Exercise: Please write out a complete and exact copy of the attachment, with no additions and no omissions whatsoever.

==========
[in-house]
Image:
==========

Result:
[in-house]
Image: